Missing from their morning adda with tea, biscuits and newspapers, has been the year-old English daily Amrita Bazar Patrika last reported circulation: 25, and its Bengali sister publication Jugantar circulation: 80, Time and again during the British Raj, the paper was banned and the editor jailed. The nectar started turning sour from the time when the newspaper group switched from its antiquated premises at Ananda Chatterjee Lane in Baghbazar to the multi-storey structure at Acharya Jagdish Chandra Bose Road in central Calcutta by the end of The new premises obviously did not inspire the staffers morale. Advertisement revenue suddenly slumped from over Rs 1 crore a month to around a paltry to Rs 20 lakh. A cash crunch resulted.
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It played a major role in the evolution and growth of Indian journalism and made a striking contribution to creating and nurturing the Indian freedom struggle. It was started by the Ghosh brothers to fight the cause of peasants who were being exploited by indigo planters. Sisir Kumar Ghosh was the first editor. The Patrika operated out of a battered wooden press purchased for Rs Here it functioned as a bilingual weekly, publishing news and views in English and Bengali.
Its anti-government views and vast influence among the people was a thorn in the flesh of the government. The Patrika became a daily in It was the first Indian-owned English daily to go into investigative journalism. ABP published the letter on its front page, where it was read by the Maharaja of Kashmir, who immediately went to London and lobbied for his independence. Sisir Kumar Ghosh also launched vigorous campaigns against restrictions on civil liberties and economic exploitation.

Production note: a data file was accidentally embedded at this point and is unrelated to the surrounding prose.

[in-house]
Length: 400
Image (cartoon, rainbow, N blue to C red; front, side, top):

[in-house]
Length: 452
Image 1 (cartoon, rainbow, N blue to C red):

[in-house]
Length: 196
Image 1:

He wanted Indians to be given important posts in the administration. Both he and his brother Motilal were deeply attached to Bal Gangadhar Tilak. When Tilak was prosecuted for sedition in , they raised funds in Calcutta for his defence.
Motilal Ghosh was also charged with sedition but his eloquence won the case. After this, the Patrika started prefacing articles criticising the British government with ridiculously exuberant professions of loyalty to the British crown. When Subhas Chandra Bose and other students were expelled from Calcutta Presidency College, the Patrika took up their case and succeeded in having them re-admitted.
Higher securities of Rs 10, were demanded from it during the Salt Satyagraha. The Patrika contributed its share to the success of its freedom movement under the leadership of Gandhi and suffered for its views and actions at the hands of the British rulers. During the great Calcutta killings of , the Patrika left its editorial columns blank for three days.
When freedom dawned on 15 August , the Patrika published in an editorial: It is dawn, cloudy though it is. Presently sunshine will break.
Amrita Bazar Patrika. (1870-1949)
External links It debuted on 20 February It was first edited by Motilal Ghosh, who did not have a formal university education. It had built its readership as a rival to Bengalee which was being looked after by Surendranath Banerjee. It played a major role in the evolution and growth of Indian journalism and made a striking contribution to creating and nurturing the Indian freedom struggle.
Retrieval of two major and endangered newspapers: Jugantar and Amrita Bazar Patrika (EAP262)
Most issues of both these newspapers are not available or usable in any safe archive. Amrita bazar patrika is a bilingual weekly which later transferred to an English language daily and established itself as a nationalist newspaper as a sharp contrast of its European counterpart, The Statesman. Jugantara patrika started as a Bengali daily from the same house in Both newspapers recorded all important events of the nationalist movements in India, partition of Bengal in , Indian perspective on both World Wars, the famine of in columns of leftist intellectuals of the time, recorded the independence of India, the partition and massive influx of migration and related trauma, and of course the process of nation-building in post-colonial period, with critical review of the coercive machinery of the nascent democratic state of India.
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